Livestock Seized

Several sources have confirmed that authorities are still targeting Tah Oih tribal Christians in Saravan province.

On Sept. 8, provincial and district authorities held a meeting in Katin village, claiming the Lao central government had ordered them to do so in response to international inquiries about religious freedom abuses in the village. Officials talked to leaders and residents about the 2002 decree and asked all parties to respect the religious laws of the nation, HRWLRF reported on Tuesday (Sept. 16).

They also cautioned Christians that their right to faith would stand only if they cooperated with village activities and if they were not bribed or paid to believe in Christianity.

On Friday (Sept. 12), however, village authorities seized a buffalo belonging to a Christian villager identified only as Bounchu and informed him that the animal would only be returned if he renounced his faith. The buffalo, worth about US$350 and vital for agricultural activity, was a prized family asset.

When Bounchu refused, officials on Saturday (Sept. 13) slaughtered the buffalo in the village square and distributed the meat to all non-Christian families in the village. They also warned all Christian residents that they would continue to take possession of their livestock until they renounced their faith.

Residents of Katin village had earlier killed a Christian villager on July 21. Officials arrested a total of 80 Christians on July 25 and detained them in a local school compound, denying them food for three days in an attempt to force the adults to sign documents renouncing their faith. (See Compass Direct News, “Authorities Arrest 90 Christians in Three Lao Provinces,” Aug. 8.)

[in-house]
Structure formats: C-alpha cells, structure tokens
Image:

More Intervention

Several aspects of the 2002 decree need to be addressed, a spokesman from HRWLRF told Compass today.

“From this and other incidents of persecution in Saravan and Savannakhet provinces, it appears that district and local authorities have been misinterpreting the decree, either intentionally or in ignorance,” he said.

International advocacy efforts were helpful in addressing these issues, he added. For example in Champasak, there was some evidence that provincial officials were embarrassed by negative publicity generated over the arrest of Kuakham and Koonlamit.

The LMHR issued a press release on Sept. 10 pointing to an upsurge in arrests and religious freedom abuses in Laos and calling for intervention from international governments and Non-Governmental Organizations.

Report from Compass Direct News


New reports show officials continue to fine believers, outlaw private worship

DUBLIN, August 28 (Compass Direct News) – The chief of Boukham village in Savannakhet province, Laos today ordered the families of three detained Christians to sign documents renouncing their faith. Human Rights Watch for Lao Religious Freedom (HRWLRF) reported that the family members refused.

A crackdown in other parts of Laos continued, with new incidents reported this week in Attapue and Borikhamxay provinces. On Monday (August 25), the chief of Donphai village in Attapue province summoned believers and fined them for holding a church service during local animistic ceremonies.

In Borikhamxay province, officials continued to pressure 22 Christian families comprising 150 people in Toongpankham village who have refused to give up their faith. Village officials had torn down their church building in January, then in mid-August harassed church members for not meeting in a proper worship facility.